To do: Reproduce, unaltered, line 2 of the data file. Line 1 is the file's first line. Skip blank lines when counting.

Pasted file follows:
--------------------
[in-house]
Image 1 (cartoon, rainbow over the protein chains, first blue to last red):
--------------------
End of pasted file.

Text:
Image 1 (cartoon, rainbow over the protein chains, first blue to last red):